As I read and re-read the exchanges that occur around the topic of the intersection of sex addiction research and practice, within the community of therapists and in the public sphere, I find myself drawn to what I have learned in Dialectical Behavior Therapy (DBT) training. Before I dive into that, I have another observation to make.
One of the primary draws I had to this work is the pioneering work of Dr. Patrick Carnes, whose genius, in my estimation, lies in his ability to synthesize concepts and models from various, and apparently disparate, disciplines in attempt to understand and explain the patterns of human behavior we have come to call “sex addiction” (which is only a label, not the thing it points to). In doing so, he has constructed a model that looks at these patterns from various perspectives or lenses. I find this particularly helpful as a practitioner, as it helps me in my attempts to explain to folks ways to look at their own behavior that helps them figure out how to change. The intellectual openness and flexibility required to maintain, juggle, contrast, and synthesize multiple views of the same issue or set of issues helps me to be a more balanced and humble human being, and a more effective therapist. All of the theories that we use to describe, represent, and interpret the complex dynamics of human behavior are only arbitrary mental constructs at best. As such, they are subject to all of the flaws to which any human behavior is subject, despite our best efforts to prevent such flaws. History is replete with examples of “scientific truth” that has later been revealed to be less than accurate, despite the intensity of belief or numbers of “experts” who subscribed to that “truth”. Similarly, many “proven” theories have later been disproved upon the development of more accurate or detailed measures and/or concepts.
What I make of the recent exchange is that, as in any arena of human endeavor, it is probably unwise to cling rigidly to any position regarding theories that attempt to interpret, analyze, or explain human behavior, including sexual behavior. Depending upon one’s vantage point, or the lens through which one is viewing the behavior, it may look completely different, and our interpretations might (and do) appear to be contradictory at times. This does not invalidate any particular point of view. As the dialectic suggests, it is NOT “either/or”, but “both/and”. Applied to the recent exchange, I believe it is possible to hold all positions simultaneously without invalidating any of them. Looked at from the lens of a particular neuroimaging study, it appears that there is no correlation between “compulsive sexual behavior” and the markers we know to correlate with substance abusing behaviors. AND, viewed from the lens of a practitioner with a despairing man and his traumatized partner in the office, there is absolutely something that LOOKS a lot like addictive behavior occurring, and something needs to change. Stated another way; on one hand, we don’t know very much about WHY or HOW this is occurring in the brain. And, on the other hand, we know quite a bit about interventions that seem to be effective in helping folks who want to stop their problematic behavior.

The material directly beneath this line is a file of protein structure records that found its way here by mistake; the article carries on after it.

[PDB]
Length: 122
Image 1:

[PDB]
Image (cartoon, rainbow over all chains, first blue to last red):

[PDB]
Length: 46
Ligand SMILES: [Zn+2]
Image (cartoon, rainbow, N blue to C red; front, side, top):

One of the things I tell my clients is “Understanding that you desperately want to know WHY you act the way you do – and in agreement that knowing why might even be helpful – the fact remains, if you continue to act that way, it will continue to have a negative impact on your life. Regardless of whether you are able to completely understand WHY you acted that way, the most important thing to acknowledge is that you must do things differently from now on.” Let’s look at what has helped other people, who are not so different from you, change their behavior and improve their lives. I invite you to consider doing those things to see if they might work for you. Along the way you might get some answers to the question, “Why?”
Is it important to figure out what is going on so we can devise more effective interventions/treatment? Absolutely, more awareness and understanding is usually better than less awareness and understanding. If something works and we don’t know why it works, should we stop doing it because we don’t know why? Of course not. We don’t know why electricity works, but we know that it works and we use it. A lot. Are diagnostic categories and concepts helpful and necessary? Certainly, we need language to talk about what we are dealing with. And it is also dangerous to over-focusing on this to the extent that we forget that we are dealing with human beings, not “diseases”. Words matter. And they are often superfluous. Getting hung up on the diagnostic labels, or any other labels, strikes me as similar behavior as many of our clients who are hung up on the label “God”, therefore reject any spiritual concept that uses that term to describe it. To gleefully mix metaphors: Sometimes we are so focused on the trees that we miss the forest. Sometimes we are so focused on the forest that we miss the tree. Our challenge is to find the middle path – avoid running headlong into the tree while we’re trying to find our way in the forest.